1. The first misunderstanding about the price of a stock is this incorrect statement:
“The stock price will rise when there are more buyers than sellers,
and stock price will drop when there are more sellers!”
2. That is a totally wrong-headed statement. The fact is there must be a buyer for every sale, and likewise, there must be a seller before someone can buy. Any transaction requires both parties! But where did this misunderstanding come from?
3. A better statement would read:
“Prices will rise because potential buyers,
outnumber potential sellers!”
4. This means buyers are more eager than sellers. Because of this, it is the buyers who must compete to find sellers, and therefore give or make concessions.
5. This scenario plays out continually in “auction format” every day in the market. Think of a stallion with prized credentials at an open auction. The seller is one party hoping to get the maximum possible, while there are a few potential buyers hoping to get the horse for a lower price. In the end, one buyer will make the transaction with the one seller for one price. But why will the stock price move up during the auction process? The enthusiasm of potential buyers bidding against each other, until one buyer takes the prize. The buyer and the seller reach an agreement on one price and the transaction takes place.
6. On the other end;
“Prices will drop because enthusiastic sellers
outnumber enthusiastic buyers!”
7. Sellers, trying to shed or get rid of unwanted holdings, will accept less than they would like to get, thus decreasing the resulting sale price.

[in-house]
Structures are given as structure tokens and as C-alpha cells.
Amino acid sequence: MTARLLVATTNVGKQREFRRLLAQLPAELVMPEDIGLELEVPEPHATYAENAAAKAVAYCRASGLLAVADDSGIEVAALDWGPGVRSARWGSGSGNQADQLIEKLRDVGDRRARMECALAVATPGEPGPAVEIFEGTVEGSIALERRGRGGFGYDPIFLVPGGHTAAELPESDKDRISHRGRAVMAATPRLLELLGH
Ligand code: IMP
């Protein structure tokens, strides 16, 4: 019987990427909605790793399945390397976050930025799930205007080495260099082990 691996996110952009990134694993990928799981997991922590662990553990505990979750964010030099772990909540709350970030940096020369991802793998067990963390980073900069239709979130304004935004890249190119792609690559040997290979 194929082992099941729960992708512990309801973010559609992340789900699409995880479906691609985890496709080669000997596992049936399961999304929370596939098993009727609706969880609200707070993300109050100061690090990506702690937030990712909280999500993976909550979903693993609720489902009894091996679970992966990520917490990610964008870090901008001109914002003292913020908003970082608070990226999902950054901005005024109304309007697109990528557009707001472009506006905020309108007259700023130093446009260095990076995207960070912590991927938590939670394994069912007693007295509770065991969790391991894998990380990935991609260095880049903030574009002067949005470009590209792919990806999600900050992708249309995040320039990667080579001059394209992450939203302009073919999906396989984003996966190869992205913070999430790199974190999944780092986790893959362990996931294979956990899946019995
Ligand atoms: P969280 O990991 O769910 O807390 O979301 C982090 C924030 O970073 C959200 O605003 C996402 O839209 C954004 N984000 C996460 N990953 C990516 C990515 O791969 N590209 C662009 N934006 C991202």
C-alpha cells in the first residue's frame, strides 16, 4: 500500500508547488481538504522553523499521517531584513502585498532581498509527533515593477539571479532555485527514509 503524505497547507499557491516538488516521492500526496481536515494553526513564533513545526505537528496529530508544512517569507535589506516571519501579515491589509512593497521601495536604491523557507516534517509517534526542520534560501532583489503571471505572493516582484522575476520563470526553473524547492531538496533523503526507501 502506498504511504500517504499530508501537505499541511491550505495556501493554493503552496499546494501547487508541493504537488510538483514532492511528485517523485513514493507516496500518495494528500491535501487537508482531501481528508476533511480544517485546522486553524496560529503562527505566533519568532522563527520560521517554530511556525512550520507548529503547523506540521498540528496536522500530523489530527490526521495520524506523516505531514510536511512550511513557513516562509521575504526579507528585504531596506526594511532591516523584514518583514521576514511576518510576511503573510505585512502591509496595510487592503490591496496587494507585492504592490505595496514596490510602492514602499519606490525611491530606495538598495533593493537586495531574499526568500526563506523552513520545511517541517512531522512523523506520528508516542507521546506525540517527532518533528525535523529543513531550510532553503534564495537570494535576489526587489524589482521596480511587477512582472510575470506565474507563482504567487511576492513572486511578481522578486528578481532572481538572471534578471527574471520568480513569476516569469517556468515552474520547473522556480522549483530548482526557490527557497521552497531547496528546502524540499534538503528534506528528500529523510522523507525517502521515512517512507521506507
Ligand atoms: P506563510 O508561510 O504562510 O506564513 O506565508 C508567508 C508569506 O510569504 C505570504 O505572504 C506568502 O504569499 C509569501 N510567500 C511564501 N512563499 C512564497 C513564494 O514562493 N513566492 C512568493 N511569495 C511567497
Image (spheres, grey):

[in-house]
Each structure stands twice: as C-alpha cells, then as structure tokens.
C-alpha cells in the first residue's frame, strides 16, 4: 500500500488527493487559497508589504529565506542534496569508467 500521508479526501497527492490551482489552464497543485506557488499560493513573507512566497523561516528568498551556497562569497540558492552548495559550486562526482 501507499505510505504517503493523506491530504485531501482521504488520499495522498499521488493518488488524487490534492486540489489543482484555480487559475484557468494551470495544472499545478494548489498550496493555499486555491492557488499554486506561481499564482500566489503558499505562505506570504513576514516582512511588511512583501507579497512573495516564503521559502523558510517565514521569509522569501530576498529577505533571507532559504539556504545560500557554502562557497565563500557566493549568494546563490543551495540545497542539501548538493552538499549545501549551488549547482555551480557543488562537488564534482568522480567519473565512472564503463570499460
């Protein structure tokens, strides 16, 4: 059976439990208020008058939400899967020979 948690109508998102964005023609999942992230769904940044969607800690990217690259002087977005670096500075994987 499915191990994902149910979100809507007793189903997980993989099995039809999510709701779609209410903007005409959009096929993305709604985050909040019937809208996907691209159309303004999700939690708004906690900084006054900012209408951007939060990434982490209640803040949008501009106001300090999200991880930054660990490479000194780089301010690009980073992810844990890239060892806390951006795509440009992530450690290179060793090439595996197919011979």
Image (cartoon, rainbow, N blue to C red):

8. That is a long explanation of what goes on continually in the daily market and why the initial statement in this dialog is so often quoted. If somehow there were several stallions for sale at the same time during the auction, the resulting price would likely be less, as sellers make concessions. Note: It is not the fact of the number of buyers at the horse auction, but the concessions, the emotion, the enthusiasm of those in the market that cause stock prices to go up or down!
9. Look at the next chart with price activity highlighted by the white oval. This pattern (a 30 minute bar chart) shows a lackluster decrease during the 22nd until a drop in the last part of the 23rd saw sellers unloading stocks. Notice the spike in volume the last half-hour of the day. The first three bars of the 24th saw buyers taking charge with increased buying volume pushing the stock price up over 3%. What we must understand and get a feel for is the emotion that was in play during these two days, the 23rd and the 24th. This is the play that helps determine the stock price in the market.
“One of the funny things about the stock market is that every time one man buys, another sells, and both think they are astute.” William Feather
In a word – INSIGHT!